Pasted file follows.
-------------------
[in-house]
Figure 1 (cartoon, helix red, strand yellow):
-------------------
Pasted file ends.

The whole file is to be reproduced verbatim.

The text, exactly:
[in-house]
Figure 1 (cartoon, helix red, strand yellow):